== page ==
FAYETTEVILLE — Plans for a new downtown hotel can now move forward.
The City Council on Tuesday voted 7-1 to approve an amended letter of intent with Reindl Properties for a seven-story, 134-room hotel next to the Upper Ramble where a civic plaza is planned across from the Walton Arts Center.
The plaza, which is part of the ongoing cultural arts corridor work, will replace the existing 290-space parking lot once construction is complete on a nearby replacement parking deck.
The arts corridor is funded by $30 million in voter-approved bonds. The city last fall began an RFP process to find a development partner for a building that voters were shown on the southern end of the plaza. Shortly after that, negotiations began with Fayetteville developer Brian Reindl, who owns the Metro District building just south of the civic plaza where Cork & Keg, Rolando’s Restaurante and several other businesses are located.
Fayetteville architect Rob Sharp is heading up design of the hotel, while South Carolina-based Windsor Aughtry, which specializes in projects based in college towns across the southeast part of the country, is the hotel consultant. Fayetteville’s C.R. Crawford Construction is the general contractor. Estimated cost of the development is $50 million.
The council first discussed the proposal on Oct. 18, but tabled the resolution after concerns were raised by City Attorney Kit Williams over language in the letter of intent.
Public comment at both meetings was focused on whether a new hotel would have an adverse affect on downtown parking.
The hotel as planned would include up to 45 basement-level parking spaces, with guest parking handled through a valet system, and employees parking off site.
Justin Clay, the city’s parking manager, said the district typically approaches about 90% capacity when it comes to parking, especially on the weekends and during events. But, Clay showed the council a map which highlighted several areas where cars could be parked using a valet system, including a 55-space lot used by the Police Department that will soon be available, and the city’s 100-space employee parking lot near the square that is mostly empty at night and on weekends.
Public comment focused on parking
Of the 13 people who spoke against the proposal on Tuesday, 10 mentioned parking as a top concern. Many of those opposed were members of the Walton Arts Center Council, which recently sent a letter to arts center patrons and the media asking people to speak at Tuesday’s meeting.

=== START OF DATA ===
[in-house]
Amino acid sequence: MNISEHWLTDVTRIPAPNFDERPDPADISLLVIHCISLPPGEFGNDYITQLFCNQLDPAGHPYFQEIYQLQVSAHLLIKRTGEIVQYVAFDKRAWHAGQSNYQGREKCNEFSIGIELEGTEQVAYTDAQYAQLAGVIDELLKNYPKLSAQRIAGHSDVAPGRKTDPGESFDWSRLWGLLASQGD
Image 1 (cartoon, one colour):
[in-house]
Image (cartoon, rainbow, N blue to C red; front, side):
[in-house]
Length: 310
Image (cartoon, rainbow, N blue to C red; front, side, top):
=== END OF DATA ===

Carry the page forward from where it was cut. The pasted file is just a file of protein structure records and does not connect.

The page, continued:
In the weeks approaching the council’s first discussion, the Walton Arts Center and a group of downtown business owners announced plans to hire a North Carolina-based consulting firm to study parking in a concentrated area of the downtown district.
Anne O’Leary-Kelly, chair of the Walton Arts Center Council, said Tuesday the hotel proposal should be tabled until the private study is completed sometime in December.
Bo Counts, owner of Pinpoint on Block Avenue, said his philosophy is that hotels don’t take parking away from businesses, they bring customers in. He said he has zero parking spaces designated for his business and welcomes guests from the Graduate Fayetteville hotel around the corner. Counts said a new hotel near Dickson Street will be as good for that area’s businesses as Graduate Fayetteville is for those around Block Avenue.
Todd Martin, who owns Theo’s restaurant on Dickson Street, said parking is already a problem and while he’s not opposed to a hotel in general, he’d rather see an alternate plan that includes underground parking for hotel patrons.
Councilmember D’Andre Jones said while some have suggested waiting for the results of the Walton Arts Center’s study, he was ready to move forward with the hotel project. Jones said he’s not sure what can be gleaned from the private study that hasn’t already been uncovered in the city-initiated studies that helped guide the development of the arts corridor vision.
Councilmember Teresa Turk, who was the only person to vote against the proposal, said she’d like more time to consider the idea.
Jones asked Turk what she hoped to learn by continuing to put off the decision.
Turk listed a number of requests, including a property assessment of the land where the hotel would be built, a cost-benefit analysis of whether a hotel is a good choice for the area, and data about other hotels’ occupancy rates.
Councilmember Mike Wiederkehr said he hasn’t heard any concerns that can’t be addressed in the development process. He said his only concern is with the implied binding agreement in the letter of intent with Reindl.
“I would be completely comfortable if we amended the letter of intent as our city attorney has advised us,” Wiederkehr said.
City Attorney Kit Williams has sent several memos to the council outlining his opinion that the letter of intent carries too much weight.
Councilmember Sonia Harvey asked Williams if anything could be added to the letter to make it unenforceable. Williams said he’s drafted language that could be attached to the letter to remove the implied binding agreement.
The council voted unanimously to amend the language to include Williams’ recommended wording.
Before the final vote, Mayor Lioneld Jordan the city needs new hotels and he’ll support anyone who wants to build one.
“I will support this hotel, and I would support another one,” said Jordan. “I would support eight new hotels if someone wants to build them.”